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Hey all I am well excited a few day ago I completed my hand made press thing (table conversion) and I have some screens that’s where given to me buy some nice lady the only problem is that’s they got ink still dried in them after I de-coated them at university. But some of them have dried in ink stuck in the designs this ink has be there a long time I think I was trying to use white spirit and it seemed to be working a little but doesn’t seems very effective can any one suggest anything chemicals and methods that’s quite cheap, seeing as I still need to buy other equipment,

My original plan was to cover the screen with white spirit then go at them with a garden hose.

Any ideas and suggestions welcome,
 

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Discussion Starter #5
thanks for the suggestions guys



identityburn said:
You might want to try some screen opener, it's pretty potent stuff and may help get some of the ink out of the screen.
What’s is screen opener and where would i buy that from like a screenprinting suppliers how expensive is this

Fluid said:
Get yourself a pressure washer. 1500-2000 psi will work wonders when cleaning and reclaiming. Using a true Plasticol Ink degradent and emulsion stripper will save you tons of time as well. Mineral Spirits will work but not as good.
Can you recommend a plasticol dertergent or emulsion stripper and if said these names to a screenprinting supplier would they know what i was taking about

PrintMonkey said:
Haze remover or simple green cleaner or acetone.
PrintMonkey said:
Power washer or the local coin operated car wash. Mark
What is haze remover or a green cleaner someone suggested paint stripper but thought it might eat the mesh they where asking what material the mesh was made out of and i was clueless the coin operated washer idea is great there a place near me

Hope that makes sense
 

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Screen opener, haze remover you can get at the screenprinter supply.
Might be more then you need at this time.
Acetone is a paint thinner. get at paint/hardware store or also at the screenprinter supply.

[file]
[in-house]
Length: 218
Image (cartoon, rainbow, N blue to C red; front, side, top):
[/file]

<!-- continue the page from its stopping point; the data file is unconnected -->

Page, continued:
Haze remover & acetone need to wear gloves and watch out with the fumes.
Simple Green is a cleaner you can get at most hardware, food stores.
Never tried it but heard about other people using it.

HTH,
Mark
 

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Fluid said:
This is not the way to go. Yes it can be done andyes a lot of people do it but frankly its horrible for the environment. Get a good drain safe industry geared product and dso it the right way.
i use murakami 7500- i believe it says "drain safe" on it if any one needed product info.
 

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New reply to an old post:)
DIY way of screen removing.
Might be useful to anybody else:D
I just discovered that bathtub cleaner mixed with bleach can soften the coated screen.
But this will only apply if u don't have anything else around and u don't really care about your mesh as long as u can use it back for maybe about 2 more designs.
Mix both of them together and immersed the screen in it for about 10 mins.
Scrub with plastic brush in circular move.
Repeat as necessary.
Rinse well with water.
Use rubber gloves and do it in open area where there's air ventilation around because u dont wanna breath the smell of the mixture.
Throw away the mixture properly.
Try at your own risk.:p
 

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Use the proper supplies from screen print supplier. There are a ton of do it yourself techniques but they take longer, and time is money, and are not usually safe to breath, and bad for the environment. The proper chemicals from a supplier will only run you $20-$30 US. What is your time and health worth to you? Plus learning to do it right now will help down the road as your business grows.
 

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Seems to me if you have to go out and buy all new stuff to get old screens clean....why not just have the frames rescreened? My local supplier does it very cheap and they do a PERFECT job. Then you don't have to worry about the tension of an old scrubbed out screen ruining your next master piece.
 

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Excalibur inks respond well to soap and water when the ink is "wet" be sure to try soap and water first, then move on to different solvents.
 
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